The Letter I Needed the Year Everything Broke Apart

Mar 1, 2024 | 2024 Spring - Letters to Myself, Poetry

By Alison Shea

Hi there. It has been a tough couple of days, huh?
You have had expectations of your older kids, and they have had expectations of you that have not quite aligned and have caused you all stress and hurt feelings.
The ex has been really awful again and is making it really hard to feel relaxed.
You have been having trouble sleeping, and the fatigue makes it all harder, not easier.
You are used to over-functioning, and when you can’t, it can sometimes feel like you are not good enough. But you don’t have to always do 120%.
…65% is passing, you know. Sometimes teenage daughters say mean things, and it doesn’t mean they are true. You used to call your mom the name of that dictator from Time magazine. That wasn’t true, even if it made you feel better when you were a teenager.
They sometimes reserve their worst for the ones they trust the most, a truly crappy irony, for sure!
You are trying so hard to “get it right.”
Peace, baby cakes, just stop,
smell the roses,
watch the shit show,
eat the donuts and repeat after me: THERE IS NO “RIGHT” to get to. “RIGHT” is merely an illusion.
There is only right now, and “everything” does not fit on the tip of right now.
you will falter,
you will fail,
you will survive failure,
you will rise again,
you will live through all of it,
and one day…
you may even get over the illusion that you could ever control any of it.
Love yourself harder, hug your babies, hug yourself, cut yourself some slack, Jack.
You will be okay, because you already are.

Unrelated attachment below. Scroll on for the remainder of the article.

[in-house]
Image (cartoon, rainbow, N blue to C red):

You don’t have to be happy all the time.
That doesn’t mean that you are depressed; it doesn’t mean that you aren’t. But when things are particularly crappy, and you observe that and feel down about that observable fact,
it is a sign that you are living in reality, not struggling with it.
Remember the words of Banksy: Learn to rest, not to quit.
Remember the words of me, your alter ego,
Learn to rest, not to judge yourself to shreds.
Remember the words of your favorite uncle:
“That 30 pounds of crap you got there, honey, is never gonna fit in this 10-pound bag,
and if you keep ignoring that fact, you’re going to wind up covered in 20 pounds of crap, and how’s that going to smell?”
Either find some other bags or stop trying to make physics become magic.
I love you, and you will be okay.

Alison Shea is an experienced Learning and Talent Development executive and mother of four humans and one dog west of Boston, Massachusetts. She is insatiably curious, dependably optimistic, and believes it will all be okay in the end. And if it is not okay, it’s not the end.

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